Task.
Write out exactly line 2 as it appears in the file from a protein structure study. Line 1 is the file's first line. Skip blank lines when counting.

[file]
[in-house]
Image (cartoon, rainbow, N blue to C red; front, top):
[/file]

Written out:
Image (cartoon, rainbow, N blue to C red; front, top):